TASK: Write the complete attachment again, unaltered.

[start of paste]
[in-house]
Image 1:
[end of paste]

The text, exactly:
[in-house]
Image 1: